Mar workers sold PC memberships outside polling station
Representatives from Gary Mar's leadership campaign were seen breaking party rules Tuesday by selling Progressive Conservative memberships outside an Edmonton advance polling station.
A CBC News reporter noticed two people selling memberships in the lobby of the Edmonton Ramada Kingsway hotel where busloads of Asian seniors had been taken for the vote.
When approached by CBC reporter Charles Rusnell and cabinet minister Thomas Lukaszuk, one of the men said that "some people had forgot."
The man, who acknowledged he was a Mar supporter, said he had only sold two memberships. He said he wasn't aware that he was breaking party rules. Mar membership sellers were also shooed away from the Calgary polling station on Tuesday.
The man responsible for the Edmonton polling station confirmed that the membership sales breached party policy.
"That's not supposed to happen and if I see that a campaign is doing that, I'll shut it down," said Sonny Mirth, the assistant chief returning officer.
Mar campaign spokesman Mark Kastner blamed the membership sales on "overzealous supporters" and said the busing is allowed under party rules.
Mirth confirmed that busing is allowed with conditions.
"It is not prohibited but the requirement is that people sign a form saying that they are voting today because they can't vote on Saturday," he said.
"We don't ask them what the reason is and as you know, in a general election, that is no longer a requirement for any kind of balloting at an advance poll."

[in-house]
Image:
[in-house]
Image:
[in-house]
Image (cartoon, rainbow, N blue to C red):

'Cynical approach to politics'
Mar, currently considered the leadership front runner, joined the other five candidates in stressing the need for democratic reform in Alberta
But Mar's commitment to that goal was questioned by one of his competitors, Doug Griffiths, in light of the polling station membership sales.
"If you can't run the campaign with integrity, then how can you promise integrity after?" Griffiths asked. "You have to demonstrate by example."
Leadership candidate Alison Redford echoed Griffiths's comments.
"I'm disappointed to hear this today because that sort of conduct, I think, speaks to a pretty cynical approach to politics," she said.
"What we have is a process here where people have a set of rules and we want everyone to abide by the rules. Pushing the envelope, testing those rules, taking them to the ultimate extreme doesn't speak well for what I think democratic renewal and transparency is about."
Results of the first ballot will be announced on Saturday. If none of the candidates is able to win more than 50 per cent of the vote, a second ballot with the top three finishers will be held Oct. 1.
With files from the CBC's Charles Rusnell